The Chhattisgarh High Court Thursday discharged a man from facing trial for allegedly raping his wife, given that Indian law does not recognise marital rape if the wife is above 15 years of age.
The High Court was hearing a criminal revision plea by the husband against the framing of charges based on the complaint by his wife. While charges under Section 376 (punishment for rape) were deemed to be “erroneous and illegal”, the court upheld the charges under Section 377 (unnatural offences) and Section 498A (relating to cruelty to women) against the husband.
Justice N K Chandravanshi relied upon an exception under Section 375 of the IPC, which states that “sexual intercourse or sexual act by a man with his own wife, the wife not being under fifteen years of age, is not rape.” The judge, hence, noted, “in this case, complainant is legally wedded wife of applicant No. 1, therefore, sexual intercourse or any sexual act with her by the applicant No. 1/husband would not constitute an offence of rape, even if it was by force or against her wish.”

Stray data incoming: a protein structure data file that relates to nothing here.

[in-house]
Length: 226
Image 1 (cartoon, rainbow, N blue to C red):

The wife’s complaint alleges that she was subjected to cruelty, abuse and dowry harassment days after her marriage. She has also alleged that her husband had unnatural physical relations with her, and despite her protests, inserted his fingers and a radish in her vagina.
Taking note of the allegations of cruelty, which have been supported by her parents and “neighbouring witnesses”, the judge held, “I do not find any infirmity in framing charges under Section 498-A/34 of the IPC against the applicants.”
The court also sustained the charges under Section 377, while observing that “where dominant intention of the offender is to derive unnatural sexual satisfaction, repeatedly insert any object in the sex organ of the victim and consequently derives sexual pleasure, such act would constitute as a carnal intercourse against the order of nature.”
Earlier this month, the Kerala High Court had held that marital rape is a valid ground for divorce even though it is not penalised in India, calling it “cruelty.”
— With inputs from Bar and Bench